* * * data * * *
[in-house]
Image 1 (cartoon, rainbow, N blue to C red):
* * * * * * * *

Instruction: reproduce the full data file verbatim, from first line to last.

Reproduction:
[in-house]
Image 1 (cartoon, rainbow, N blue to C red):